Methods

This is a multicentric, retrospective study. Outpatients’ data from the rheumatology operative unit of San Pietro Fatebenefratelli Hospital, ANTIAGE sports medicine ambulatory, and Villa Stuart radiology department in Rome, Italy, were evaluated, and only data of active football players complaining of monolateral knee impairment were taken into account for the eventual inclusion in this study.

Eligible patients were as follows: active football players who were 18 years of age and older with knee pain evaluated clinically and a consequent radiological examination of affected knee. Selected patients underwent a laboratory examination (erythrocytes sedimentation rate, C-reactive protein, uric acid, complete blood count) that was commonly performed before the injection of hyaluronic acid. Similarly, only data from patients who underwent knee ultrasound examination before injection were taken into account, while effusion or cysts was drained before intra-articular injection. Only data from patients showing grade I–II knee OA according to Kellgren–Lawrence classification were analyzed independently from pain VAS (1–10 scale).

Excluded from the study were patients affected by a different form of arthritis other than OA involving knee or other joints, patients less than 18 years of age, and patients with a history of allergic reaction to hyaluronic acid. All patients who received an intra-articular dose of medium molecular weight (800–1,200 kDa) hyaluronic acid, SINOVIAL HL 8 mg/mL (IBSA Pharma Inc., Lugano, Switzerland), 2×2 mL/vial for each injection, at time 0, and after 2 weeks were included for data analysis. For all patients, pain VAS score was recorded at time 0, 1 day after the first infusion, 2 days after the first infusion, at 2 weeks (day of the second infusion), 1 day after the second infusion, 2 days after the second infusion, and at 4, 12, and at 24 weeks, respectively. Index of severity of OA was expressed as Lequesne index score,14 and PGA (1–10 scale)15 was performed at baseline, at 1 week, and at 4, 12, and 24 weeks. Data of evaluations performed 1 and 2 days after each injection were obtained by phone interview. Only patients who completed follow-up were included for further data analysis. All data were gathered and analyzed to determine if hyaluronic acid was effective and safe for the treatment of algofunctional impairment in active football players affected by knee OA. Statistical significance of all observed parameters vs baseline values was evaluated. The study was approved by the Institutional Review Board of San Pietro Fatebenefratelli Hospital, and a signed informed consent was obtained from all subjects in accordance with the Declaration of Helsinki and its subsequent modifications.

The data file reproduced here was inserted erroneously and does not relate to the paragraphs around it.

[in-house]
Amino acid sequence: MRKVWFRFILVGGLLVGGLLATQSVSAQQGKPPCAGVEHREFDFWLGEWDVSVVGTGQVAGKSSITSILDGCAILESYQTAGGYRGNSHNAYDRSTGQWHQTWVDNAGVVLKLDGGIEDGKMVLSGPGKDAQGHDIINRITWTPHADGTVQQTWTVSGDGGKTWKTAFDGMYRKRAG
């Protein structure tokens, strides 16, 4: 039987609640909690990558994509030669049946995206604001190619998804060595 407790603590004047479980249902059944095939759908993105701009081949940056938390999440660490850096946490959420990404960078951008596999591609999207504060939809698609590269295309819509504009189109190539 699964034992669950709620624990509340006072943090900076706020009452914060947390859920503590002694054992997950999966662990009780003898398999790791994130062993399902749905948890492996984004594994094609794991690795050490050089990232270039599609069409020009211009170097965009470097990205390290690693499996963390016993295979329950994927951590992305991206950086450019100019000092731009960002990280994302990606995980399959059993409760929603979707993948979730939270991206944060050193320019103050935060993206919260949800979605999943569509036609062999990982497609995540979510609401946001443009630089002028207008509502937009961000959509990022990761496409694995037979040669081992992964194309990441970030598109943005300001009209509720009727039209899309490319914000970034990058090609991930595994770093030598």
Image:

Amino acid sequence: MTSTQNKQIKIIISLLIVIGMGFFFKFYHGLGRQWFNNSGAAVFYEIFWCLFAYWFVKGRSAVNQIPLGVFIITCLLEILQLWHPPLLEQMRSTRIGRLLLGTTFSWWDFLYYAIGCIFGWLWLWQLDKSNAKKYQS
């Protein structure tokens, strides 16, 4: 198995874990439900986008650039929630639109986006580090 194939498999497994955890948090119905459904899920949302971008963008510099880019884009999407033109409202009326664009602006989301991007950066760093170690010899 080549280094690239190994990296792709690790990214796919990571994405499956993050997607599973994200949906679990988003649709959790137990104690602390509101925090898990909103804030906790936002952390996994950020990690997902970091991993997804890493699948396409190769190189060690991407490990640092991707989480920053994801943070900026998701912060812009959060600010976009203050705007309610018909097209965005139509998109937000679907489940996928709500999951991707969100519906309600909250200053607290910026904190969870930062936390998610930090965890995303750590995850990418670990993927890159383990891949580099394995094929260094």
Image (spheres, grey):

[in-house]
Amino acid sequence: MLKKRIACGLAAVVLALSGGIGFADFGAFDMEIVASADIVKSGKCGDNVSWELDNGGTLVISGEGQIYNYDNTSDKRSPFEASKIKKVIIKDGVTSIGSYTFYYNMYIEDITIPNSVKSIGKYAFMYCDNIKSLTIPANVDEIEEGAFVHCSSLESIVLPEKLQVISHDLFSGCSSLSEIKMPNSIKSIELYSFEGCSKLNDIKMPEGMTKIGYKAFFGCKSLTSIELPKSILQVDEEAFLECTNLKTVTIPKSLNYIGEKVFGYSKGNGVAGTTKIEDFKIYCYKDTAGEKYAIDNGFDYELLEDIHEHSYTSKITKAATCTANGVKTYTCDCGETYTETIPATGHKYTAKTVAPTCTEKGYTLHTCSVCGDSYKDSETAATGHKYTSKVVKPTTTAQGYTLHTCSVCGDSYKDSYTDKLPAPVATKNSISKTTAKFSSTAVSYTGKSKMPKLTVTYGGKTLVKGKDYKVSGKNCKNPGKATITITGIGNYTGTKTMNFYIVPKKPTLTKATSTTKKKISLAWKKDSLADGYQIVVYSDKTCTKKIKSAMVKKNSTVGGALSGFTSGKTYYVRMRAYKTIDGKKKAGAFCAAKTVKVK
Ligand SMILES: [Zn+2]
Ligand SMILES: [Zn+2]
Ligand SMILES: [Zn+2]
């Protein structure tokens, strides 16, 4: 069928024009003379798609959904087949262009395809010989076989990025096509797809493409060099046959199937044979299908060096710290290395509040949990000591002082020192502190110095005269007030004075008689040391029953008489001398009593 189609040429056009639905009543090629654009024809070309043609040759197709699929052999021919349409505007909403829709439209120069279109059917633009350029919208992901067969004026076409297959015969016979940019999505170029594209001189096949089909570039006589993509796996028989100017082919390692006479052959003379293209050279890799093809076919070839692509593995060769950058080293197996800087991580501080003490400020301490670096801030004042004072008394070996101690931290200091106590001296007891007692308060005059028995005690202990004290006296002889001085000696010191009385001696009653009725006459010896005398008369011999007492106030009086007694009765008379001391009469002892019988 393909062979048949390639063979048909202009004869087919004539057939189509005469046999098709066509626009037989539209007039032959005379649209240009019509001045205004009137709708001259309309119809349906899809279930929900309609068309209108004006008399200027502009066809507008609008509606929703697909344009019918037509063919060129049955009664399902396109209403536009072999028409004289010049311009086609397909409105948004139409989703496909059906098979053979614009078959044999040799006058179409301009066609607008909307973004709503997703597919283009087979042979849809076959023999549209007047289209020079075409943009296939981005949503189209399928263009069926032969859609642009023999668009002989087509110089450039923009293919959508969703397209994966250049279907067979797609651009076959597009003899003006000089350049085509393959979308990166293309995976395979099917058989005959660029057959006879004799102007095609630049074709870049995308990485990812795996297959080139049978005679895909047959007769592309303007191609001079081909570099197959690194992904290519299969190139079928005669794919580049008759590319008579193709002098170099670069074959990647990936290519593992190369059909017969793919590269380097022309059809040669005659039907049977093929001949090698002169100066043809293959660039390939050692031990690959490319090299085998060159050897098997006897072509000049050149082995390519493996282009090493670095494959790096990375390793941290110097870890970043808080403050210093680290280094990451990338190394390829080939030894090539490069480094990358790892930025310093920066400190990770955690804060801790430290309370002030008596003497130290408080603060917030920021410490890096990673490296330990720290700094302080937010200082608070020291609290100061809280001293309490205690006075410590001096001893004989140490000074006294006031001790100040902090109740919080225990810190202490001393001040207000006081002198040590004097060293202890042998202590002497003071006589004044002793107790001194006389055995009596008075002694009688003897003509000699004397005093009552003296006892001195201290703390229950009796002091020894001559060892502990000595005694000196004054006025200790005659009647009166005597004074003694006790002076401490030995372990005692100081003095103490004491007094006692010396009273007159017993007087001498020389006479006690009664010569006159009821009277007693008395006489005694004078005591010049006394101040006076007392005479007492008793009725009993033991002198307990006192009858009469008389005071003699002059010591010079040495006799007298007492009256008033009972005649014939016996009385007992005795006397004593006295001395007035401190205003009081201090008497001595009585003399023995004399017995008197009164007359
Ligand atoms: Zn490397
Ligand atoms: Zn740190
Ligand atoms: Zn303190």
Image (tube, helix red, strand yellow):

Results

Data from 17 active football players were analyzed in this study. Demographic characteristics of patients are reported in Table 1. The group of patients whose data were analyzed was composed of 16 males and one female. This inhomogeneity of distribution of the two genders is to ascribe the sociocultural factors, as football is a sport more common among males.16 Mean age of patients was 39.8 years. Three patients were professional football players, while 14 patients practiced football for recreational purposes. Of the 14 nonprofessional players, two were formerly professional players. Baseline disease characteristics of patients are also reported in Table 1. Kellgren–Lawrence grading of knee OA attested on low levels (2.1 mean value), but interestingly duration of symptoms was not short (2.8 years as mean value). Two patients (1 male and one female, both professional players) showed joint effusion during ultrasound examination of the knee, which was drained before injection. No patients showed Baker’s cysts. Change in parameters (pain VAS, PGA, and Lequesne index scores) (Figure 1) after 1 week of follow-up was found to be significant when compared with baseline values (P<0.05). Two weeks after baseline injection, a second injection was administered. At 4 weeks of follow-up, all parameters exhibited further improvement that was found to be significant when matched with baseline values (P<0.05). After second day of each injection, a transient increase in pain VAS score was observed, but it did not reach statistical significance (Figure 2). All patients restarted practicing sports in a short time (2.1±2 days), and their physical activity was not burdened by adverse events; instead, it was characterized by symptom relief. Assessments revealed that findings at weeks 12 and 24 remained invariant starting from week 4 as shown in Figure 1.

Table 1 Demographic characteristics and knee osteoarthritis characteristics of patients entering the study

Abbreviations: f, female; KL, Kellgren–Lawrence; m, male; PGA, patient’s global assessment; VAS, visual analog scale.

Figure 1 Pain VAS, PGA, and Lequesne index scores at baseline, 1 week after the first injection, and at 4, 12, and 24 weeks after the first injection.

Note: All parameters observed were found to be statistically significant when matched with baseline already after 1 week, and the statistical significance was maintained until the end of follow-up (P<0.05 for all parameters).

Abbreviations: PGA, patient’s global assessment; VAS, visual analog scale.

Figure 2 Pain VAS score measured on the day of injections (t0) and at 1 (t1) and 2 (t2) days after each injection.

Abbreviations: VAS, visual analog scale; d, days.

Discussion